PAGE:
When I paid $1.92 for a gallon of gas the other day at Snappy Foods in Darien, I had a good chuckle thinking about my mother. She loved a bargain and hated a rip-off. When a pack of cigarettes jumped above 35 cents – which is what a gallon of gas cost at the time – she quit smoking. Cold turkey. Not a problem. End of story.

When I bitch and moan how the packaging of certain products is shrinking – can you say toothpaste? – while the price keeps creeping upward (as if we the consumers wouldn’t notice), I think about my mother and what she would say. “Just use baking powder or Ivory soap.” (No fluoride, either.)

When I think of her birthday, March 1, I remember Bill Knapp’s. This was a chain of restaurants in the Midwest that started in Battle Creek, Mi. They were known for offering birthday and anniversary discounts. For an anniversary you got a chocolate cake. If it was your birthday you got a percentage off your bill based on your age. Sixty-two? Your bill was discounted 62 percent. My mother dearly wanted to reach 101 to see if they would offer a rebate of one percent.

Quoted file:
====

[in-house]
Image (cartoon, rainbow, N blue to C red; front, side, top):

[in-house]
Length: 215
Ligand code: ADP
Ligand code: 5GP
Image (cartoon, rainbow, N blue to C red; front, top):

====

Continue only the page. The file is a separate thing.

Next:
The chain went out of business in 2002. My mother passed away in 2011. She was 96.

Funny what we remember.

Every time I negotiate a nimble yet sketchy U-turn, I hear her voice in my head:  “Are those legal down here?” When I stare at a joke in the New Yorker, as I have been doing lately, with more and more confusion, I remember her query, “Do you understand them?”

I think if she had been a few years younger she would have caught on to the computer and would have been complaining, “Which of these keys do I poke?” the way I do. She would have been confounded, as I was, at this sentence I heard the other day: “The problem we are having is our Apple TV doesn’t play well with our Amazon Prime Instant Video.” Huh?